Garage Sale Gold

Garage Sale Gold

It’s that time of year again! I can already smell the must. Yard sales are popping up around the neighborhood. I’m not much of a picker; I have plenty of my own old stuff already. But I can’t pass up a great old camera or photo trinket. I’ve probably made more bad buys than good but since even the non-working ones look good on my shelf, it’s a win-win. Here are some things I’ve picked up along the way that might help you avoid rummage sale remorse.

  1. Know what you’re looking for. Sure, we’d all love to find a priceless Leica and, let’s be honest, sell it for a handsome profit. But looking for a usable charmer or inspiring décor piece is just as much fun. Make sure your budget reflects your purpose. I’ve never been disappointed with a $10 camera, even if it’s a paperweight. But I’ve immediately regretting spending $50 on something that was probably worth it, only to realize that I’m never actually going to carry it around and shoot with it.
  2. Know what works. Stick to cameras that you’re at least somewhat familiar with so that you can test them. Even with no batteries, the film advance should be smooth and the shutter should fire in bulb mode. Better yet, keep some common batteries in your pocket. LR44, PX625 and CR2’s cover a pretty wide swath of old 35mm cameras. If you plan to shoot it, check the foam around the film door. It can deteriorate regardless of camera wear and if it lets light leak in, your shots are shot.
  3. Know the market. Search to gauge a top-end selling price. That’s not what you should pay at a yard sale but, if you can confirm it works, it’ll give you an idea what a reputable dealer would charge for it after it’s all cleaned up. They try to buy them for half that value. eBay is a better indicator of private seller values but it can be tough to find accurate examples depending on how rare your find is. Filter for completed and sold items to get some history.
  4. Know your weakness. If you’re a sucker for vintage cameras, then you’re a sucker. I have a soft spot for Yashica Electro 35s even though they’re not great cameras, not yet really vintage, and not particularly unique. But they look like they know what they’re doing and apparently, I like that. You know how they say people look like their dogs? I look like this camera.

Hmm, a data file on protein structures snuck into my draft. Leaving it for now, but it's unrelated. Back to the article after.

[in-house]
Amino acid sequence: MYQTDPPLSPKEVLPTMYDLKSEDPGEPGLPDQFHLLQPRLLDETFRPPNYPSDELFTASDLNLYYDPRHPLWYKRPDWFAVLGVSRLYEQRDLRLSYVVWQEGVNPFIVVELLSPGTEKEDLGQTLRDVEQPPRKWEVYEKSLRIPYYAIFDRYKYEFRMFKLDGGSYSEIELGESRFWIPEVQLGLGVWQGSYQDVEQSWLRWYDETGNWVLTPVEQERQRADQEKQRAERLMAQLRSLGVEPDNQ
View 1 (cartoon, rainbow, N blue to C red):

And finally, know that you may not find much. In the context of most household sales, camera equipment usually claims coveted prices and even though sellers want to get rid of them, they tend to over-value. Negotiating is key and usually part of the fun. But walking away, especially from a stubborn seller, can be just as satisfying.

How to discover the shutterbug inside a six-year-old

How to discover the shutterbug inside a six-year-old.

How to discover the shutterbug inside a six-year-old. Like most grade school aged children, mine own tablets and can swipe my phone faster than a New York City pickpocket. But they rarely use the devices’ cameras. The most recent photo in either child’s camera roll? A series of 38 selfies with a blurry dog-looking thing from over four months ago. Other parents I’ve surveyed tell me this evidence is typical. We assume they haven’t yet developed an interest in photography. When they do, the device with a camera is ready and waiting.

But if you’ve ever handed an actual camera to a kindergartner, for example, you know there’s more to it. And the older the camera, the better. One with a viewfinder and no screen really gets the gears turning. After they realize what it is (and that there are no games on it), the purpose sinks in. They discover a different tool that invokes a whole different curiosity.

Here’s how I spawned the shutterbug inside a six-year-old boy. I’d keep an old digital camera handy and anytime we left the house, I’d set it in the back seat. He couldn’t not pick it up and within a couple weeks he was taking it out of the house of his own accord. Sure, that was usually when his other device was off limits, but I say any interest counts. Sometimes, he’d take 38 pics of the seatback out of boredom. But often he’d take real pictures. And he got better fast. I’d watch as he would stop, compose, capture, and retake until he found an angle he liked. The results were far more thoughtful than anything he’d shot with an iPad. I didn’t try to explain the menu or functions unless he asked so he discovered most on his own and now frequently uses exposure compensation to improve a shot.

Since then, I’ve let him wrangle my DSLR, complete with a gigantic vertical grip attached. It’s obviously cumbersome but he knows what he’s doing and, more importantly, why he’s doing it. The pictures he takes are important to him and although most are viewed on his device and shared between family, a select few have found fame on his older brother’s blog. I think we’ll venture into printing soon.

I’m not surprised that he’s become a pretty good photographer. I’m surprised that maybe he already was. Sometimes all it takes is the right tool.


How to discover the shutterbug inside a six-year-old.

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